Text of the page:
Knowing who is entering your building is a security and health issue these days
by Paul Kazlauskas
Electronic visitor management systems are used to sign in and track visitors who come to visit a facility. These types of systems are popular with schools, healthcare facilities, and businesses of all kinds. Electronic visitor management systems are an electronic version of the visitor sign-in sheet or visitor log book used in buildings for years. While more expensive than a traditional log book, the electronic visitor management system offers a more efficient and foolproof sign-in process. It is the most secure way to sign in visitors.
Today’s most effective visitor management systems not only consider building security, system convenience, user experience, and reporting, but also offer reliable features for helping stop the spread of COVID-19.
What are the purposes of visitor management systems?
These systems have various purposes, with some having increased importance since the onset of COVID-19:
- Documenting the arrival, presence, and departure of all non-employees
- Storing visitor information
- Scheduling visitors
- Screening visitors
- Increasing workplace health and safety
- Assigning escorts for visitors
- Permitting/preventing access to specified areas
- Shortening lines in the lobby
Key features to look for
Contact Tracing: Today’s systems must support and enhance contact tracing. Traceability means having a clear picture of where and when guests interact with facilities and employees. If there is a positive case of COVID-19—whether from a visitor or an employee—facility managers can go through the data to find possible exposure points. This is must-have functionality for facilities opening their doors to a revolving population of visitors.
Badge Printing: Badges should include the date, arrival time, and names of the person and the host, so the staff knows whether and when a person unknown to them is allowed in the building. For additional security, time-expiring visitor badges should be used to prevent badge reuse. These badges change color overnight, showing a pink “VOID” that gives a great visual alert that a visitor’s presence should be questioned.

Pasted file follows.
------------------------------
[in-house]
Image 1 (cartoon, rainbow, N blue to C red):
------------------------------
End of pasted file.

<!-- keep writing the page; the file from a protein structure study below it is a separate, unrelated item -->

Touchless: With COVID-19 not going away anytime soon, touchless visitor management is a good idea. Limit contact between the attendant and the visitor, helping to reduce the spread of germs. Scan the ID and take a photo of the visitor. The front desk personnel types in the visitor’s destination and prints a badge. The visitor picks up their own badge to wear during their visit. Some systems also use apps or scannable QR codes so visitors can check in using their own smartphone rather than touch a publicly accessible screen.
Preregistration: Visitor management systems should allow staff to preregister expected guests for specific dates and times. Companies can require visitors to preregister and submit a photograph. The facility may also require the visitor to agree to company policies such as Hold Harmless Agreements, which require the visitor to sign a waiver of liability, and Confidentiality or Non-Disclosure Agreements. The visitor's consenting signature is captured by the system. With the preregistration feature, repeat visitors can also enjoy a streamlined check-in process.
Ease of Use: Many systems allow guests to electronically sign themselves in on a device at reception. The setup should be easy to access and use, with a clean and intuitive user interface.
With a good visitor management process and some careful contingency planning, facilities can create solid COVID-19 safety measures that will help protect the health of employees and visitors. The best attributes will be touchless systems, traceability, and having a controlled experience when the visitor enters your building. The health of employees and visitors depends on a facility's ability to mitigate COVID-19 spread through a well-designed visitor protocol. It’s an important consideration as facilities reopen their facilities to the broader public.
How else can visitor management systems help to contain the spread of COVID-19 as some facilities begin to reopen their buildings to visitors again? Please join the conversation by adding your thoughts in the “Comments” section below.
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Posted on 11/20/2020